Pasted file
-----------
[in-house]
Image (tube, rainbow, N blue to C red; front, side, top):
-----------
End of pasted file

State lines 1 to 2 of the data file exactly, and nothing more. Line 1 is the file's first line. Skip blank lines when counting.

[in-house]
Image (tube, rainbow, N blue to C red; front, side, top):